The world, if we choose to see it so, is a complicated picture of people dressing and undressing. The history of the world is composed of the chat of a little band of tailors seated cross-legged on their boards; they gossip across the centuries, feeling, as they should, very busy and important. Someone made the coat of many colours for Joseph, another cut into material for Elijah’s mantle.
Baldwin, from his stall on the site of the great battle, has only to stretch his neck round to nod to the tailor who made the toga for Julius Cæsar; has only to lean forward to smile to Pasquino, the wittiest of tailors.
John Pepys, the tailor, gossips with his neighbour who cut that jackanapes coat with silver buttons so proudly worn by Samuel Pepys, his son. Mr. Schweitzer, who cut Beau Brummell’s coat, talks to Mr. Meyer, who shaped his pantaloons. Our world is full of the sound of scissors, the clipping of which, with the gossiping tongues, drown the grander voices of history.
As you will see, I have devoted myself entirely to civil costume—that is, the clothes a man or a woman would wear from choice, and not by reason of an appointment to some ecclesiastical post, or to a military calling, or to the Bar, or the Bench. Such clothes are but symbols of their trades and professions, and have been dealt with by persons who specialize in those professions.
I have taken the date of the Conquest as my starting-point, and from that date—a very simple period of clothes—I have followed the changes of the garments reign by reign, fold by fold, button by button, until we arrive quite smoothly at Beau Brummell, the inventor of modern clothes, the prophet of cleanliness.
I have taken considerable pains to trace the influence of one garment upon its successor, to reduce the wardrobe for each reign down to its simplest cuts and folds, so that the reader may follow quite easily the passage of the coat from its birth to its ripe age, and by this means may not only know the clothes of one time, but the reasons for those garments. To the best of my knowledge, such a thing has never been done before; most works on dress try to include the world from Adam to Charles Dickens, lump a century into a page, and dismiss the ancient Egyptians in a couple of colour plates.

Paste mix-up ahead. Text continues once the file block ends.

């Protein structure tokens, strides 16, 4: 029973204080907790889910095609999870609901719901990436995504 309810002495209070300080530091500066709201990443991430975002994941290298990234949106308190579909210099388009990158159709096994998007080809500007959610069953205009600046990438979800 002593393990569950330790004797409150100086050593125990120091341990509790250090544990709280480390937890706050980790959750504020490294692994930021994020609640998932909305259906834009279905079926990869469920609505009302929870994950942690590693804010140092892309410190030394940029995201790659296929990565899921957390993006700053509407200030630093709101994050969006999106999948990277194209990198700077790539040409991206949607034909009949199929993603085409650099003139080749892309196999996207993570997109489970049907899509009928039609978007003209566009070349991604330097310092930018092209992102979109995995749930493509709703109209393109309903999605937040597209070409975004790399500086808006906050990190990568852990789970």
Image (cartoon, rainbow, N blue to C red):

So many young gentlemen have blown away their patrimony on feathers and tobacco that it is necessary for us to confine ourselves to certain gentlemen and ladies in our own country. A knowledge of history is essential to the study of mankind, and a knowledge of history is never perfect without a knowledge of the clothes with which to dress it.
A man, in a sense, belongs to his clothes; they are so much a part of him that, to take him seriously, one must know how he walked about, in what habit, with what air.
I am compelled to speak strongly of my own work because I believe in it, and I feel that the series of paintings in these volumes are really a valuable addition to English history. To be modest is often to be excessively vain, and, having made an exhaustive study of my subject from my own point of view, I do not feel called upon to hide my knowledge under a bushel....